Long Beach boardwalk to partially reopen Saturday
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The first section of Long Beach's new $44.2 million boardwalk will open Saturday morning, city officials said Friday.
Scores of residents clapped and cheered when City Manager Jack Schnirman announced that, beginning at 8:45 a.m., a four-block section between Long Beach and Magnolia boulevards will be available for public use.
"In the moments before the storm, it was my unpleasant job to be up here telling everybody to get out, to evacuate and to leave," Schnirman said. "I'm so happy to be able to be back here now today . . . saying the exact opposite: Come on back."
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Ilene Schuss, 54, of Oceanside, said she attended other post-Sandy milestone announcements and did not want to miss this one.
"After Sandy, there was a sense of hopelessness," she said, "and it's so nice to see the light at the end of the tunnel, a spark for the community."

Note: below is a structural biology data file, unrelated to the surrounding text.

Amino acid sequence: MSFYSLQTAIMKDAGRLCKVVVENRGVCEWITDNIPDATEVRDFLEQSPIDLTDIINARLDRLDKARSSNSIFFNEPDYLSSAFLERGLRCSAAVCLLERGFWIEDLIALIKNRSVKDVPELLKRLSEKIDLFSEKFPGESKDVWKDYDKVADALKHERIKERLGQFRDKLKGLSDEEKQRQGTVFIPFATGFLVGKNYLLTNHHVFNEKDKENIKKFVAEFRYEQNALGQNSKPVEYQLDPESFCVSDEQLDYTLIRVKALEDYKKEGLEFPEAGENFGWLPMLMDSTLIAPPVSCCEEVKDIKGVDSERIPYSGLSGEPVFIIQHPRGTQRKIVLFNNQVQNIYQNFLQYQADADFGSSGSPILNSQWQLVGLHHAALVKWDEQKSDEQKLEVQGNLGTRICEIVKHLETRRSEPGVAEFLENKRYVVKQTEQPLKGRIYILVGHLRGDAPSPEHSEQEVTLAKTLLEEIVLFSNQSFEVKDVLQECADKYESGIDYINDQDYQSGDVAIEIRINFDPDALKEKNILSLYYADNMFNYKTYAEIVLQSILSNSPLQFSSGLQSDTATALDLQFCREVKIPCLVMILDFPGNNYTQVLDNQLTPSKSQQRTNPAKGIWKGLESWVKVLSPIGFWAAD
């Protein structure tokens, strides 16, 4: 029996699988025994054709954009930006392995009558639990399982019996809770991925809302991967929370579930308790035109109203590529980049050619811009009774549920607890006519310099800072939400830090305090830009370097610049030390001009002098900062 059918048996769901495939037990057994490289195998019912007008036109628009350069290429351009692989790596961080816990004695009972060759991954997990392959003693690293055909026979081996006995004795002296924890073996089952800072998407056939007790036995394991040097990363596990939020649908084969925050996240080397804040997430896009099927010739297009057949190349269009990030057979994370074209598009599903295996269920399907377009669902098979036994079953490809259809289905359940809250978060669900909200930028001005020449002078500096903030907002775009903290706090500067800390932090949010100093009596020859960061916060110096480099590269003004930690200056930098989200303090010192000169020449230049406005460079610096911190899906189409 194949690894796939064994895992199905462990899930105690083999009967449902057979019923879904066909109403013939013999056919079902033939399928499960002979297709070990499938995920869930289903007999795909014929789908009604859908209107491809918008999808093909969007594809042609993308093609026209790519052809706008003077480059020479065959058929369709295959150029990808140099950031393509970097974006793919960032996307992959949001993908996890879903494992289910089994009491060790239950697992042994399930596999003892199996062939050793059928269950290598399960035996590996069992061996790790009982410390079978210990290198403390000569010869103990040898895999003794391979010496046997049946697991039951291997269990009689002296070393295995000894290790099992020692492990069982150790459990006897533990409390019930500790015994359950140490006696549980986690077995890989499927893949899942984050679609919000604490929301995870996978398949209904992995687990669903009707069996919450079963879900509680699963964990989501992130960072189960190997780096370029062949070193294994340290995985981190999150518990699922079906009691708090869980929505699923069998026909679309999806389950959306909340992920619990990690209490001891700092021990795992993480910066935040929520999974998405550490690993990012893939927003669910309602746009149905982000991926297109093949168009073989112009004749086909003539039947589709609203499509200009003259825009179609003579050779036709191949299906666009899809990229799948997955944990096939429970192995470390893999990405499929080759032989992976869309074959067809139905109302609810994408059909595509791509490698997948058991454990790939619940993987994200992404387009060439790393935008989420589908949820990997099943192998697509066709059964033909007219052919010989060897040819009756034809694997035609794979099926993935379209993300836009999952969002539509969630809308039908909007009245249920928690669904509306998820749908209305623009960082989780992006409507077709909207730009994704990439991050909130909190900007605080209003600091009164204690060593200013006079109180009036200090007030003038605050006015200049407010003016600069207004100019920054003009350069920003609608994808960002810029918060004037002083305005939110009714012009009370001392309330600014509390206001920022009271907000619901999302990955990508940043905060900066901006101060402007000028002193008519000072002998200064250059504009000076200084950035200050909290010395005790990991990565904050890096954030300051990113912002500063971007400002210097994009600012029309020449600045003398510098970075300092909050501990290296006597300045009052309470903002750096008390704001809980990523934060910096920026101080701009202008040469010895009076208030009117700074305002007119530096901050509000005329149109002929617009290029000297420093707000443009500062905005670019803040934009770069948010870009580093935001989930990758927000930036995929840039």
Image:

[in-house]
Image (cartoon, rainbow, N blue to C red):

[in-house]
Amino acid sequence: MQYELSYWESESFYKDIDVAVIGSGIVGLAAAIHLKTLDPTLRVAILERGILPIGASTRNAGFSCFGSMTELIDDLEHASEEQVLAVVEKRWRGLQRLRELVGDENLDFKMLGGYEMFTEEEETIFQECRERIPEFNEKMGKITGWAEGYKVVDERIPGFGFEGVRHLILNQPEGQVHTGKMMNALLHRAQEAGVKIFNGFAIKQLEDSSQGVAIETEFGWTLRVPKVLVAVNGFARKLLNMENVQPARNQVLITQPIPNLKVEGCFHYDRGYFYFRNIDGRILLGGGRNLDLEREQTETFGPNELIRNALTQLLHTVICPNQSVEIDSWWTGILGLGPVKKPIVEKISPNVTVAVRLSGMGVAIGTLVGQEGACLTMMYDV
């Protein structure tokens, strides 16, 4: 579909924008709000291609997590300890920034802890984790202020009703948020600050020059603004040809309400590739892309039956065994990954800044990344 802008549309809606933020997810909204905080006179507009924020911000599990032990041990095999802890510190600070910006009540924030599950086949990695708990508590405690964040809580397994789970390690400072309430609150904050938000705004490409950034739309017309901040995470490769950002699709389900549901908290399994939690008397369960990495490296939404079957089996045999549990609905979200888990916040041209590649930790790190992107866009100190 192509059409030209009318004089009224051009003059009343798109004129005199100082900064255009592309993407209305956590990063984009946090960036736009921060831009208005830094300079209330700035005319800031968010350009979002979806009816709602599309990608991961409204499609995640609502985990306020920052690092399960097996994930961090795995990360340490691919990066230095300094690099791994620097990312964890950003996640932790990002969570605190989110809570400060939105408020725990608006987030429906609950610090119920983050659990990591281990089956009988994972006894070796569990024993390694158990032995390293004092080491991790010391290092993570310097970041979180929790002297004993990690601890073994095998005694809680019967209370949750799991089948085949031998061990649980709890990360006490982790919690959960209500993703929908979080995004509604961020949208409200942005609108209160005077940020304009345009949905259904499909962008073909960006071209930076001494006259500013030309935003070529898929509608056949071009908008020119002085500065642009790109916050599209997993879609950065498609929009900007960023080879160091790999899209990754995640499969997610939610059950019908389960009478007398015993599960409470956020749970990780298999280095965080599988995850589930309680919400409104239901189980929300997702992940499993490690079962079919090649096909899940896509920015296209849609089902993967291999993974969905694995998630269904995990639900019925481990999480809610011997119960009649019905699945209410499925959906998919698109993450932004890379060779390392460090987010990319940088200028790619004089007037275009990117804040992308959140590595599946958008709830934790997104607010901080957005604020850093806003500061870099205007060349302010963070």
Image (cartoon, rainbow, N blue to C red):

Sen. Charles Schumer (D-N.Y.) told the crowd that the Federal Emergency Management Agency has agreed to pay a majority of the rebuilding costs. He added that his "last fight" with FEMA will be to get the agency to cover the additional costs needed to make the new boardwalk more durable.
"The leaders of Long Beach decided correctly to build the boardwalk, not the same as before, but better and stronger than before," Schumer said.
The new structure, made of Brazilian hardwoods and concrete, is expected to last 30 to 40 years, compared with the three to five years of the yellow pine in the old boardwalk, said City Council president Scott Mandel.
Though the city added LED energy-efficient lighting and Wi-Fi access along the boardwalk and beach, nostalgic touches remain. The old benches will be refurbished and reinstalled, and new light poles will mimic their predecessors.
The city has spent about $2.7 million on the project so far. Completion of the section opening Saturday met the 100-day deadline contracted between the city and Plainview-based Grace Industries, city public works Commissioner Jim LaCarrubba said.
Grace's contract calls for the firm to complete the entire 2.2-mile structure by Nov. 12. City officials say the project is "on budget and on time" for completion.
The century-old boardwalk was a major tourism draw and holds cherished memories for residents such as William and Sylvia Kestenbaum of Lido Beach, who joined the crowd Friday to celebrate the reopening of the place where they met.
"When we saw the boardwalk after Sandy, I was devastated; we cried. We had our first date on the boardwalk in 1942," Sylvia Kestenbaum said. "Seeing it now, we know Long Beach is back."